Today I had a conversation with my son that left me both devastated and frustrated. I know that he is just being a teen. I know that he is trying to exasperate me…and he succeeded.
My son has a diabetes clinic appointment coming up in a few days. Neither of us are excited by this event. We don’t really get a lot out of it and the wait times are crazy. He can’t wait until he doesn’t have to go anymore. I reminded him that he will always have to go to have prescriptions refilled, etc.He was not impressed. I have told him that I have to do the same thing but that does not appease him. We have been doing this since he was 2 and he wants to see an end date.
We discussed the fact that he had to attend his clinic appointments because he needed a doctor to sign off on his driver’s licence in the fall. I don’t know what exactly is involved in the licensing procedure but I am pretty sure that his doctor has to give him the okay. My son then asked if his licence would be restricted. I assumed it would, just as a person with glasses must wear glasses, someone using insulin will have to be using their insulin.
He was not completely appeased but was doing okay until a little later on. He was complaining about his being hot feet and stated that he should run around barefoot all of the time. I said that that may not be the best idea. He said it was fine for the Indians! I said that they were not running on insulin and he had to watch his feet.
That was the final straw for him. He asked why he should even bother to get out of bed in the morning? He would have to watch his feet for the rest of his life. He has to check his blood each time before he could drive. What is the point to any of it? If he was born years ago, they would have left him to die and maybe that was the right thing!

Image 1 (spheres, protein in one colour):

I wanted to cry (and still do). I wanted to scream–are you crazy!!!???? I almost lost you once! That is NOT the sort of talk I want to hear EVER!
I tried not to be mad. I tried to understand but I simply said, “Yep it sucks but that is your life and you will handle it.”
I know this is teen frustration. I know it will pass but he does scare me. When he does not have me around, he doesn’t bother to test. He swears he can tell if he is high or low and he just wings it. Yes, he probably can tell when he is running in range but the higher he runs himself the less sensitive he is and the more danger he skirts around. What will he do when he is on his own? The years are passing so quickly.
I have been sent an advanced copy of Moira McCarthy’s new book “Raising Teens with Diabetes”. Perhaps she will have some strategies to help me cope. I think I could use a few about now.